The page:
Canada has a multi-cultural society, with a wide range of influences. Around a quarter of the population is of French-Canadian descent. There are also ties to the UK and Ireland: between 10 and 20 per cent of Canadians can claim ancestors from Ireland or Northern Ireland.
More recently, significant Hispanic, Chinese and Arab communities have developed. Meanwhile, the US exerts a powerful influence on the country, particularly through trade. The US is by far Canada's largest foreign trade partner.
The country is officially bilingual, using both English and French-Canadian. There are substantial differences between the different provinces that make up the country. French is the dominant language in the province of Quebec.
Business culture and structures are similar to those in Northern Ireland. However, job titles vary and may not tell you much about a person's role, so you should establish in advance who the decision-maker is before you make an approach.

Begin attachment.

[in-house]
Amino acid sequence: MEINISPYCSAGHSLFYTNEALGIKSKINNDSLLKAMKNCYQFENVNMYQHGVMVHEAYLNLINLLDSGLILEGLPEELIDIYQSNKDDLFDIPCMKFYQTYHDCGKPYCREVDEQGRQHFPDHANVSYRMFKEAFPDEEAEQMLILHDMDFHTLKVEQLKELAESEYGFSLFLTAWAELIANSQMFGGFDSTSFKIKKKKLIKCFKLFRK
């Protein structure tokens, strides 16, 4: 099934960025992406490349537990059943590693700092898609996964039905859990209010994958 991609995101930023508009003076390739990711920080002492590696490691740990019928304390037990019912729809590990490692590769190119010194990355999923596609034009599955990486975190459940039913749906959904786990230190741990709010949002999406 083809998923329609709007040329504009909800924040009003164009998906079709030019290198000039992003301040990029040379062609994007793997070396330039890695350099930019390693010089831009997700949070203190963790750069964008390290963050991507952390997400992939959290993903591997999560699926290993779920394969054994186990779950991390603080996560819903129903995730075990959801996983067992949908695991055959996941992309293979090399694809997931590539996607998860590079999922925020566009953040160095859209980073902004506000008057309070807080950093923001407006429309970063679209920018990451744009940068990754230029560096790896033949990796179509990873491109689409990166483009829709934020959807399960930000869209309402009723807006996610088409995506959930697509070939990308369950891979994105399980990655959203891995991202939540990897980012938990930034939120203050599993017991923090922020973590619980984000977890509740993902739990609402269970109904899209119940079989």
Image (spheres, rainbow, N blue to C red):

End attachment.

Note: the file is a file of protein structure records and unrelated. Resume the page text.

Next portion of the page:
For the exporter, there are important business implications.
Outside of Quebec, English is typically used for business, but there is scope for misunderstanding.
French-Canadian is required for doing business in Quebec, and is a legal requirement for labelling of most products.
You may need to research business customers to identify key decision-makers. Market visits are likely to be an important part of identifying contacts and building relationships.
It is a mistake to generalise about the Canadian market, or all Canadians. Different provinces have different cultures, and separate regulations. Local contacts, with local knowledge, can be important.